Let Your Characters Run the Show: Character-Driven Stories

It’s opening night and you’ve got a full house; anticipation is running high. The curtains open, the spotlight shines onto the stage, and your main character walks out from the wings. What do they say to the audience? How do they grip their attention?

Character-driven stories can be a great narrative choice for any writer. Instead of focusing on external plot, character-driven stories explore the interior lives of characters, their emotions and interpersonal conflicts. A character’s voice can be just as gripping as any plot device, and their arcs often take the same shape as traditional plot structures. Read on to learn how your characters can get readers begging for an encore.



Let’s talk more about the advantages of character-driven stories. This approach lends itself particularly well to short stories, where you may not have as much time to develop a complex plot. By focusing on writing complex characters instead, you’re able to create a compelling narrative in a limited amount of time. Don’t think of character-driven stories as devoid of plot—instead, imagine your characters become the plot. Your “plot points” become significant moments or changes in your character’s life. Perhaps their way of thinking shifts suddenly, or their motivations or desires change. Character simply becomes a different way to approach plot. Character-driven stories are usually associated with the “pantser” technique (writing without an outline), but you can easily create an outline by swapping plot points for character arc shifts.

Understanding Your Character

In order to write a character-driven story, you need a main character. One of the first decisions you’ll need to make is, what perspective do I want to write in? This is part of your narrative strategy, or the specific way you’ll write your story. When it comes to characters, you’ll want to decide which point of view is best: first, second, or third person. Each point of view comes with its own benefits and challenges. First person puts your reader right into the mind of your character, while third person creates distance, and allows you to provide information your characters might not have. Second person is unique as it can be used in different ways: you can give your character, the “you,” more or less of an identity, depending on how closely you want your reader to relate to them. Feel free to try out the different point of views by writing a few short paragraphs using each of them. You can easily go back and change your mind.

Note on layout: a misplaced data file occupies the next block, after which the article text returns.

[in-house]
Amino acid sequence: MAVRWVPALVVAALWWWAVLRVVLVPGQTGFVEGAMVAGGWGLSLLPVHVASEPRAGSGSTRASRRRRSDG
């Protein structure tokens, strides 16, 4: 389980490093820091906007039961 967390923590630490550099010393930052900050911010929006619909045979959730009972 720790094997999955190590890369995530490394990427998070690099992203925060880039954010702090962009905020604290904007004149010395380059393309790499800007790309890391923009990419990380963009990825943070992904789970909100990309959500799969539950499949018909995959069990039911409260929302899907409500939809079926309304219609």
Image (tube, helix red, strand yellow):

Next, you’ll want to have a decent understanding of what drives your character. What are their motivations, their fears? I’ve heard many times in writing workshops that you should know, one, what does your character want, more than anything? and two, what would they do to get it? By limiting the amount of external plot, you have to rely on your character’s motivations to provide the forward momentum for your story. Don’t be afraid to write a big list of details about your character, like their favorite food or their worst childhood memory. Not everything will be relevant to your story, but getting a better feel for who your character is will be a big help as you let them run the show.